It isn't that current closer Andrew Bailey was hurt most of last season and has a history of being hurt. It was more of a concern that when Bailey was healthy, he wasn't particularly effective (7.04 ERA) and his pitches seemed deadly straight.
The Red Sox can't feel confident going into next season with Bailey as the closer and Daniel Bard being a mess in the bullpen. They would also probably like to avoid throwing Junichi Tazawa into the role so soon.
That's where Wilson would factor in.
Theatrics aside, Wilson has been a very good closer in the National League and will be recovering from Tommy John surgery this past April. Adding him to the bullpen makes a lot of sense short term and long term, especially if they have doubts about Bailey's stuff.
As far as the theatrics, the Red Sox are in some desperate need of characters in the clubhouse and on the field.
The past two seasons, the Red Sox have fielded two of the least embraceable teams in my lifetime. Character and personality is a great thing to add to the clubhouse, especially if they can play.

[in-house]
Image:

If the Giants decide not to offer Wilson a contract, feeling that they have in-house options to handle the role next season, Boston might be a perfect fit for "The Beard."
The 28-year-old Pelfrey has given the Mets a ton of innings from 2008 through 2011, reaching or coming near the 200-inning mark during those four seasons.
The Red Sox would obviously love to add someone to their rotation who could give the team 180-200 innings next season, removing a heavy burden from the bullpen.
Pelfrey's career record is 50-54, admittedly a mark which comes as a result of playing on some poor Mets teams that have struggled under the financial pressures and problems of the current ownership group. It is unlikely the Mets will commit $7 or 8 million on the rehabbing Pelfrey next season.
Among the cons of signing Pelfrey are: his high career WHIP of 1.458 and his very low strikeout-to-walk ratio of 1.59, meaning that he will pitching to a lot of contact in the AL East.
Pelfrey would be another buy-low option for the Red Sox that they could stash in the minors on a rehab assignment until June or so and then work him into the rotation mix.